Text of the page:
The Justice Department and the Federal Trade Commission are "beginning to examine whether Apple's new media subscription service violates antitrust laws," Bloomberg News reports.
Maybe I am missing something, but on the face of it, this seems like a weak case for federal intervention. After all, there's plenty of competition — in addition to the Apple service, which reportedly charges publishers 30% of subscription revenues, there's Google's One Pass, which takes a reported 10% of subscription revenues. Press+, the service founded by Steven Brill, Gordon Crovitz, and Leo Hindery that is part-owned by Rupert Murdoch's News Corp, charges publishers a reported 20% of revenues. (The Wall Street Journal coverage of the Apple antitrust issue has studiously avoided mentioning Press+ or News Corp.'s investment in it.) A publisher can set up its own subscription service using PayPal for a low single digit percentage of revenues (that's what we use here at FutureOfCapitalism.com).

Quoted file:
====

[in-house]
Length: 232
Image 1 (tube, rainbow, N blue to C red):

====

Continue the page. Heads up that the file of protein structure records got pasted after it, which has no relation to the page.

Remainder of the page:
Perhaps one could spin a theory that because Apple is requiring the use of its service to sell subscriptions within Apps on the iPad, this is somehow an antitrust violation. But there are plenty of other non-iPad tablets out there, just as there are non-iPhone smartphones. If Apple's lawyers want, they could read the government lawyers a column by one of Apple's competitors, Mr. Crovitz: "The bottom line is that by the time regulators can assess a technology market, the market has often moved on....The antitrust laws are anachronisms when applied to industries of constant innovation." Of course, the government lawyers can read Apple's lawyers back what Apple said back when the antitrust folk were going after Microsoft. Then, Apple probably had a somewhat more positive view of antitrust enforcement than it does now.